6. 6
    TLC
  7. 7
    Move On
  8. 8
    A Different Place
  9. 9
    Subway
  10. 10
    Lab Rat interlude
  11. 11
    Newton's Cradle
  12. 12
    Newaves
  13. 13
    Bust
  14.  
    Play All (13)
  1. 1
    Red Laser Beam
  2. 2
    Roll Over
  3. 3
    Tokyo Traffic
  4. 4
    Freak Me
  5. 5
    Prom Night Party
  6. 6
    TLC
  7. 7
    Move On
  8. 8
    A Different Place
  9. 9
    Subway
  10. 10
    Lab Rat interlude
  11. 11
    Newton's Cradle
  12. 12
    Newaves
  13. 13
    Bust
  14.  
    Play All (13)
  1. 1
    Red Laser Beam
  2. 2
    Roll Over
  3. 3
    Tokyo Traffic
  4. 4
    Freak Me
  5. 5
    Prom Night Party
  6. 6
    TLC
  7. 7
    Move On
  8. 8
    A Different Place
  9. 9
    Subway
  10. 10
    Lab Rat interlude
  11. 11
    Newton's Cradle
  12. 12
    Newaves
  13. 13
    Bust
  14.  
    Play All (13)

The dynamic duo, Hexstatic, return to the fray with 'When Robots Go Bad', their finest album yet. Taking their electro obsession to greater heights than ever before, 'WRGB' finds Robin Brunson and Stuart Warren-Hill mashing up sounds and influences in search of the ultimate machine groove.

From first track 'Red Laser Beam' they lay out their wares - crunching guitar samples, huge drum box beats and enough synths to drown a nation beneath a sea of (sine) waves. It's such a euphoric ...

The dynamic duo, Hexstatic, return to the fray with 'When Robots Go Bad', their finest album yet. Taking their electro obsession to greater heights than ever before, 'WRGB' finds Robin Brunson and Stuart Warren-Hill mashing up sounds and influences in search of the ultimate machine groove.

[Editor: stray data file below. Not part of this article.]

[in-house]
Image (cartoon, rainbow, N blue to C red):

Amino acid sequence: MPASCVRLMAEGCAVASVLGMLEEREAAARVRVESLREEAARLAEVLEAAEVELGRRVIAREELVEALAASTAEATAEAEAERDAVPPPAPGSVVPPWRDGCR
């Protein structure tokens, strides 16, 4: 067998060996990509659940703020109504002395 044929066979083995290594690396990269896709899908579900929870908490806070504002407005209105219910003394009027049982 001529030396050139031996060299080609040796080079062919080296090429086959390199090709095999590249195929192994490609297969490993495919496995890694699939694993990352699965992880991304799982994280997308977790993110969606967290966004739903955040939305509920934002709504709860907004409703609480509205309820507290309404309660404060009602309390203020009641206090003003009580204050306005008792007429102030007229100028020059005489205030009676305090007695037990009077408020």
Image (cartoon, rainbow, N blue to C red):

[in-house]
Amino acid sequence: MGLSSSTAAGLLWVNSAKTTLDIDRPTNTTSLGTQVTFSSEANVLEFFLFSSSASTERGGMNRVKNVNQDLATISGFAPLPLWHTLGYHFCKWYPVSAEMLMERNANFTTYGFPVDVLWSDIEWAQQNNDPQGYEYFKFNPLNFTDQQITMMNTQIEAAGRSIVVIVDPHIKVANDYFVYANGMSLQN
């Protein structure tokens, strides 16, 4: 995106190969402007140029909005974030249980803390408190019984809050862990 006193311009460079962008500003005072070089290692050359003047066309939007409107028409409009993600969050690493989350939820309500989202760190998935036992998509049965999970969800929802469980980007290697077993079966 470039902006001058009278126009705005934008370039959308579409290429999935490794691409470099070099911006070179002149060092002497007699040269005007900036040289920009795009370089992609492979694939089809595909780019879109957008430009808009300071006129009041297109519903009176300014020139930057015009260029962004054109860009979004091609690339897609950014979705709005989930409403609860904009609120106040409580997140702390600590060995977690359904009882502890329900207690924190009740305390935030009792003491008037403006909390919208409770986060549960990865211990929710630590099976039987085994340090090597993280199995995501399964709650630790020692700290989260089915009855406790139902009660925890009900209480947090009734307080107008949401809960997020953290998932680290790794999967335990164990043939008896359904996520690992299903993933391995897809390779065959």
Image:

From first track 'Red Laser Beam' they lay out their wares - crunching guitar samples, huge drum box beats and enough synths to drown a nation beneath a sea of (sine) waves. It's such a euphoric opening that it's hard to imagine how they can keep the pressure up. First single 'Roll Over' quickly lays any fears to rest. Featuring new vocal find Sabirajade, this is a swinging groove of heavily-layered keyboards and soulful, sultry vocals. 'Tokyo Traffic' takes the tempo up again for an acidic, glitchy, serialist pop-locker of a tune that just about makes sense of the term 'future-retro'. 'Freak Me' features B+, a female MC from Oz, who effortlessly rides a more minimalist, sexy, funky riff.

Continuing the sexy theme, 'Prom Night Party' is a complete re-work of a classic 'lost' track from Mike Ladd's 'Majesticons' project. Electronic ode to love 'TLC' gives the boys an opportunity to take the tempo right down, whereas 'Move On' (featuring Edinburgh MC Profisee) starts to drive us forward again. B+ returns on 'A Different Place', a floating electronic groove that shows she can do much more than rap. 'Subway' is another tune for a new generation of breakers, Profisee offering a paen to underground music inspired by the forced fears of a nation. From 'Lab Rat' onward the vocoder takes over - 'Newton's Cradle', 'Newaves' and the superb 'Bust' offering an object lesson in the contrasting ways in which synths and drum boxes can be used to create superb, funny, funky, driving dance music.